J. L. BELL is a Massachusetts writer who specializes in (among other things) the start of the American Revolution in and around Boston. He is particularly interested in the experiences of children in 1765-75. He has published scholarly papers and popular articles for both children and adults. He was consultant for an episode of History Detectives, and contributed to a display at Minute Man National Historic Park.

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Thursday, December 31, 2015

“The old Year is past”

Continuing a Boston 1775 tradition, here is a “carrier address” from the turn of the year 1766. That was a bit of poetry that printers’ workers wrote, printed, and carried around in their quest for tips at the start of a new year.

New-Year’s Wish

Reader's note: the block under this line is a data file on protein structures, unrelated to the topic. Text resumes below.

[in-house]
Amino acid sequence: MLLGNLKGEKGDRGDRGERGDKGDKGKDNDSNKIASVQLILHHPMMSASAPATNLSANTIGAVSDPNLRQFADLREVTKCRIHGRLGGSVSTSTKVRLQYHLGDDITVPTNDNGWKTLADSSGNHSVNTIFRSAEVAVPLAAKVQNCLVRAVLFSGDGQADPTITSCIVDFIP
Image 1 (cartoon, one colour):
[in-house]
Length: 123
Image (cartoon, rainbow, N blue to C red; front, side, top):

From the Carrier of the Boston Post-Boy, &c.

GEN’ROUS Customers, I run
To serve you as I begun,
With the freshest of News from the Press;
In Hot, and in Cold,
With News, new and old
I readily shall you address.
Ah! the Times are hard,
But we’ll pay no regard
To the Stamps, Mobs, Devils, or Popes;
The freedom of Press
Will gain the Success,
And fully Accomplish our Hopes.---
The old Year is past,
The new come at last;
I wish you full Bumpers, and Bowls,
With every Thing good,
Which serveth for Food
For your Bodies, as well as your Souls,
Then while you are Eating,
And each other greeting,
With Things which you richly enjoy,
Pray freely dispense
Of some Shillings or Pence,
To your faithfull unwearied Boy.


Don N. Hagist said...

He blew the meter in the last line. No tip for him.

J. L. Bell said...

You're a tough man, Don. But fair.